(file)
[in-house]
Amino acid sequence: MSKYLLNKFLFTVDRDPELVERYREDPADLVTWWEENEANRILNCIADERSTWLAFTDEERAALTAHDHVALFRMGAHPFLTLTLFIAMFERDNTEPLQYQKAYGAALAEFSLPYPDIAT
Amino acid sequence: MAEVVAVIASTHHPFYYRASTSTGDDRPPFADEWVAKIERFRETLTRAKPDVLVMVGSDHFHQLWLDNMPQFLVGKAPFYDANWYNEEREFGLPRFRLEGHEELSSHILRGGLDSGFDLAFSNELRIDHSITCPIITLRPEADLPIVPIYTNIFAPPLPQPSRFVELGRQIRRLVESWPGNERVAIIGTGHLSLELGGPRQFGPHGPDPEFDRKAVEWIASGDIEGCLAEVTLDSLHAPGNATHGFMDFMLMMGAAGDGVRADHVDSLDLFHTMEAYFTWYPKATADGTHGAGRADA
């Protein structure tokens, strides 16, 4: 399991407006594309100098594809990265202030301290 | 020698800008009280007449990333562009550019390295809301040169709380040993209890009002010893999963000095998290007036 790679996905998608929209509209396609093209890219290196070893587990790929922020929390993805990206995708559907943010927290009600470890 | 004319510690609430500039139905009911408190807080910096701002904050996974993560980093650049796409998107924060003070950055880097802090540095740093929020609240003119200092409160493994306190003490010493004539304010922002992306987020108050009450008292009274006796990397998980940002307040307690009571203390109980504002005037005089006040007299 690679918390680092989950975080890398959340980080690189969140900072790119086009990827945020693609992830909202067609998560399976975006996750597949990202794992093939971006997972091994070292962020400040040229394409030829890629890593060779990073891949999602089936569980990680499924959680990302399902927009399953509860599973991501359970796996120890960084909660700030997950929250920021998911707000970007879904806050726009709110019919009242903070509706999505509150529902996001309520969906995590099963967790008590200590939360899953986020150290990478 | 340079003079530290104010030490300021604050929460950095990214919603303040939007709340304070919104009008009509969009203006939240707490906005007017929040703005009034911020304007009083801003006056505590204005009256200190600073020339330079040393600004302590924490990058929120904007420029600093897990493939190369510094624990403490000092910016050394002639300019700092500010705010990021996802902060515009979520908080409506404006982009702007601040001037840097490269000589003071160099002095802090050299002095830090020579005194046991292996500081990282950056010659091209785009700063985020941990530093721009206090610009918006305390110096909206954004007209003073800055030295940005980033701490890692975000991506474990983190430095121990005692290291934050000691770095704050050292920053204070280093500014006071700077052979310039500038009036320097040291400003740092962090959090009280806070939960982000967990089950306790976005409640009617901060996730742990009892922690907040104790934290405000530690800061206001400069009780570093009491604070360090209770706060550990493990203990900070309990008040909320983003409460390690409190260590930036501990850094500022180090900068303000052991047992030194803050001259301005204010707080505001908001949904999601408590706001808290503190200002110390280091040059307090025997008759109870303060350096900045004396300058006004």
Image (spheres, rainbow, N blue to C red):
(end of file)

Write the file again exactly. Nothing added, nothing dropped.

[in-house]
Amino acid sequence: MSKYLLNKFLFTVDRDPELVERYREDPADLVTWWEENEANRILNCIADERSTWLAFTDEERAALTAHDHVALFRMGAHPFLTLTLFIAMFERDNTEPLQYQKAYGAALAEFSLPYPDIAT
Amino acid sequence: MAEVVAVIASTHHPFYYRASTSTGDDRPPFADEWVAKIERFRETLTRAKPDVLVMVGSDHFHQLWLDNMPQFLVGKAPFYDANWYNEEREFGLPRFRLEGHEELSSHILRGGLDSGFDLAFSNELRIDHSITCPIITLRPEADLPIVPIYTNIFAPPLPQPSRFVELGRQIRRLVESWPGNERVAIIGTGHLSLELGGPRQFGPHGPDPEFDRKAVEWIASGDIEGCLAEVTLDSLHAPGNATHGFMDFMLMMGAAGDGVRADHVDSLDLFHTMEAYFTWYPKATADGTHGAGRADA
């Protein structure tokens, strides 16, 4: 399991407006594309100098594809990265202030301290 | 020698800008009280007449990333562009550019390295809301040169709380040993209890009002010893999963000095998290007036 790679996905998608929209509209396609093209890219290196070893587990790929922020929390993805990206995708559907943010927290009600470890 | 004319510690609430500039139905009911408190807080910096701002904050996974993560980093650049796409998107924060003070950055880097802090540095740093929020609240003119200092409160493994306190003490010493004539304010922002992306987020108050009450008292009274006796990397998980940002307040307690009571203390109980504002005037005089006040007299 690679918390680092989950975080890398959340980080690189969140900072790119086009990827945020693609992830909202067609998560399976975006996750597949990202794992093939971006997972091994070292962020400040040229394409030829890629890593060779990073891949999602089936569980990680499924959680990302399902927009399953509860599973991501359970796996120890960084909660700030997950929250920021998911707000970007879904806050726009709110019919009242903070509706999505509150529902996001309520969906995590099963967790008590200590939360899953986020150290990478 | 340079003079530290104010030490300021604050929460950095990214919603303040939007709340304070919104009008009509969009203006939240707490906005007017929040703005009034911020304007009083801003006056505590204005009256200190600073020339330079040393600004302590924490990058929120904007420029600093897990493939190369510094624990403490000092910016050394002639300019700092500010705010990021996802902060515009979520908080409506404006982009702007601040001037840097490269000589003071160099002095802090050299002095830090020579005194046991292996500081990282950056010659091209785009700063985020941990530093721009206090610009918006305390110096909206954004007209003073800055030295940005980033701490890692975000991506474990983190430095121990005692290291934050000691770095704050050292920053204070280093500014006071700077052979310039500038009036320097040291400003740092962090959090009280806070939960982000967990089950306790976005409640009617901060996730742990009892922690907040104790934290405000530690800061206001400069009780570093009491604070360090209770706060550990493990203990900070309990008040909320983003409460390690409190260590930036501990850094500022180090900068303000052991047992030194803050001259301005204010707080505001908001949904999601408590706001808290503190200002110390280091040059307090025997008759109870303060350096900045004396300058006004």
Image (spheres, rainbow, N blue to C red):